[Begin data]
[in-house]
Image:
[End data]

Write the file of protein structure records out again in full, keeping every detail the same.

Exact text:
[in-house]
Image: